A Rendezvous in Belarus

On November 8, the Nobel Prize for literature was bestowed on the Belarusian journalist Svetlana Alexievich, aged 67. It was among the few instances in which the work of the laureate was focused outside the traditional areas of poetry, fiction, and drama.
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On November 8, the Nobel Prize for literature was bestowed on the Belarusian journalist Svetlana Alexievich, aged 67. It was among the few instances in which the work of the laureate was focused outside the traditional areas of poetry, fiction, and drama.

The literary Nobel, which is awarded by the Swedish Academy, has, in recent decades, often been seen as a symbol of solidarity with dissidents. Most famously, the Prize was granted in 1958 to the Russian poet Boris Pasternak, for his novel Dr. Zhivago. But Pasternak was forbidden to go to Stockholm and was compelled to decline the honor.

Unlike Pasternak, whose work was translated and known in the West, Svetlana Alexievich was not previously a figure of wide, international reputation. Her books include Voices of Chernobyl, a collection of oral interviews with survivors of the 1986 nuclear disaster that defined the fate of the former Soviet Union. By accumulating the stories of ordinary people, Alexievich has embarked on a massive and worthy project: to explain the rise and fall of the tragic, compulsory social experiment represented by Soviet Communism. She has also written on the lives of Russian soldiers killed during the Russian intervention in Afghanistan, from 1978 to 1989.

But the Nobel gained by Alexievich has another and rather obvious nuance. The child of a Belarusian father and a Ukrainian mother, her selection by the Swedish Academy comes a year and a half after the Russian campaign to partition Ukraine began, including the annexation of Crimea. For the Swedes to choose her as an ideal for writers expresses a significant criticism of revived Russian expansionism.

The naming of Alexievich as a Nobel winner came close to the presidential election scheduled for Sunday, October 11 in Belarus. The country of 9.5 million people is the least democratized of the European former Soviet republics. It has been ruled since 1994 by Alexander Lukashenko, called typically "the last dictator in Europe." Many close observers of Belarus expected that Lukashenko's rule would be perpetuated by a rigged voting system. The London Financial Times of October 10/11 described Belarusian citizens as "uneasy" about Lukashenko's "unflinching suppression of democratic freedom." The same paper reported that opposition activists called for a boycott of the polls.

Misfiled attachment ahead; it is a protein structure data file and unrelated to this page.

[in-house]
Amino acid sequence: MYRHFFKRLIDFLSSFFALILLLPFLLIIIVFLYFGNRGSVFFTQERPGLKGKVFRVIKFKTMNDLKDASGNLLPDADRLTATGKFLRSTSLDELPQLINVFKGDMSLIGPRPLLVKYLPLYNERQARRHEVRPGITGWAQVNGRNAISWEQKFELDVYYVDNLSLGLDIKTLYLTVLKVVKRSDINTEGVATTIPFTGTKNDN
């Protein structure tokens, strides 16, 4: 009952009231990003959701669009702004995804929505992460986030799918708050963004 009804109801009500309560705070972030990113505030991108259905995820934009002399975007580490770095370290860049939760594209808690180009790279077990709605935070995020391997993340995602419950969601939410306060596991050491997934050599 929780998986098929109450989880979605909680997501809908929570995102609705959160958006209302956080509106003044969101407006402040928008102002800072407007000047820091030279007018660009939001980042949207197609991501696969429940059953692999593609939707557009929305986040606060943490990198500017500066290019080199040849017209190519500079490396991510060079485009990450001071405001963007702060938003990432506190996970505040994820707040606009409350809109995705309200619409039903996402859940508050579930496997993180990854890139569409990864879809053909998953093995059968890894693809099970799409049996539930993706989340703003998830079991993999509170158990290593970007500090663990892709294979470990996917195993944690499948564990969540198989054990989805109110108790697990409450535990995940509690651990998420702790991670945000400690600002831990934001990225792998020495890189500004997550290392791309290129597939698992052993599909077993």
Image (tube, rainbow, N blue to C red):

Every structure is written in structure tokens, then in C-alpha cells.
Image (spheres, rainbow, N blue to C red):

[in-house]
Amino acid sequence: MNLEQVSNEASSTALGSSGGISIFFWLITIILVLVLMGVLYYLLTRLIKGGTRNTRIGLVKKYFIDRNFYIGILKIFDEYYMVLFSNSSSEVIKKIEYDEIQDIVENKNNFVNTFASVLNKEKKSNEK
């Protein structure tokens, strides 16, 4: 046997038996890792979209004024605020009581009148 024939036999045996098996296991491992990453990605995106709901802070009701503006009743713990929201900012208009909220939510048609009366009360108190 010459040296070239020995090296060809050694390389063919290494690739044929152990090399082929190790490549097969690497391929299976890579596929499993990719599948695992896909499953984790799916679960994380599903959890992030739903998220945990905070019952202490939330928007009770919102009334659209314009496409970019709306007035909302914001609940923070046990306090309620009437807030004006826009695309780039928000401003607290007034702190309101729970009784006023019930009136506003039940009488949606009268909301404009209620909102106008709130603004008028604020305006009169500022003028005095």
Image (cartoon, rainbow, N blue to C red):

Svetlana Alexievich said that she would be among those refusing to participate in the Belarusian balloting.

Like Russia and Ukraine, Belarus is a religious mix, with an Orthodox Christian majority and Catholic, Jewish, Muslim, and other minorities. Both Ukraine and Belarus, in the past, found themselves on the cultural and religious borders between the Ottoman empire, the Polish (and Lithuanian) dominions, and tsarist Russia. Unlike post-Soviet Russia, Belarus and Ukraine recognize the legal status of the Roman Catholic church. In Russia, the Catholic church has no legitimate standing.

Belarus is a member of an international body, the Eurasian Economic Union (EEU), formed last year by Russia, Belarus, and Kazakhstan, with Armenia and Kyrgyzstan invited to join. But according to the Financial Times, Lukashenko, notwithstanding his authoritarian habits, has taken small steps away from the shadow of Moscow. Belarus did not recognize the Russian annexation of Crimea and Lukashenko has opposed the establishment of a Russian air force base on Belarusian soil.

Belarus stands at a crossroads in European history, as the last bastion of unreformed, statist autocracy. Lukashenko will doubtless be slow to initiate a transition to the kind of full democracy visible in neighboring Poland and the Baltic states. He has, on one side, pressure from Putin, and on the other, the disappointing failure of the West to assist Ukraine adequately.

The Russian and Soviet heritage lies heavily on Belarus. According to the CIA World Factbook, 84 percent of its people are ethnic Belarusians, but only 23 percent speak that language. By contrast, 70 percent speak Russian while a mere eight percent are ethnic Russians. The Nobel Prize for Svetlana Alexievich is therefore a victory for a threatened culture as well as for suppressed historical truths.

Electoral results from Belarus were unsurprising. After the Sunday polling, Lukashenko claimed 84 percent of votes and a fifth term in office. Authorities said 87 percent of eligible voters had participated. But The Wall Street Journal reported that after he cast his vote, Lukashenko repeated his promise that Russia would not be allowed to build a new military base in Belarus.

Western media suggest that regardless of the suspiciously-large majority Lukashenko gained, the elections may be certified by foreign observers as democratic, to diminish the isolation of Belarus from the rest of Europe. But that would seem a grossly-cynical possibility.

Lukashenko and Alexievich represent two faces of a nation that has been ripped apart by powerful neighbors repeatedly through the centuries. Lukashenko represents a discredited past, while Alexievich points the way to civil society and a better future. One may only pray that its people find a way out of their difficult situation.

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